EVs Have One-Sixth the Climate Impact of Internal Combustion, But Only in Canada. (Pity.)
Canada’s relatively green electricity grid makes it ideally suited to slash greenhouse gas emissions by rapidly adopting electric vehicles, a B.C. research group contends.
After reviewing jurisdictions across North America, the Sechelt-based 2 Degrees Institute determined that “thanks to the contribution of hydropower to Canada’s grid, it has seven of the top 10 locations in North America for the introduction of EVs,” JWN Energy writes.
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Roughly a quarter of Canada’s greenhouse gas emissions currently come from transportation—a sector that includes aviation and marine transport as well as heavy trucking and light cars and trucks.
While electric vehicles don’t directly run on fossil fuels, their climate footprint reflects the source of the electricity they do run on. The United States derives 32% of its power from coal and another 29% from natural gas. Canada gets more than 60% from hydro, and some provinces like Manitoba, Quebec, and British Columbia produce “virtually all” from that source.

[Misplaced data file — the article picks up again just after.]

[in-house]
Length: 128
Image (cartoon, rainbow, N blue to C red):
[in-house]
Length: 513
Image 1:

As a result, “only California and some New England states come close to approaching the low-carbon footprint of B.C., Manitoba, Ontario, Quebec, Nova Scotia, New Brunswick, and Prince Edward Island,” JWN reports. Six EVs will be able to drive the roads in those provinces with no more climate impact than one gasoline-powered car.
Even in Alberta and Saskatchewan, where fossil-fired generation is expected to operate longer, electric vehicle use still results in lower overall emissions, the researchers determined, because big, centralized, power plants are more efficient than the “miniature, inefficient, fossil fuel power plants” under the hood of every gas or diesel vehicle.
The falling price of electric vehicles, bolstered by national policies in China and elsewhere, is widely expected to trigger a tipping point in their popularity in the next decade. The federal government and several provinces have instituted incentives to expand electric vehicle charging networks.
The climate benefits of EV’s don’t come immediately, since the emissions incurred to build them and equip them with batteries “aren’t realized until a vehicle has been driven for the first 11,000 to 37,000 kilometres, depending on the nature of the local grid,” JWN notes.
But thereafter, said Ryan Logtenberg, one of the authors of the 2 Degrees study, “an electric vehicle will produce much lower emissions than a comparable gas vehicle.”
At least in Canada.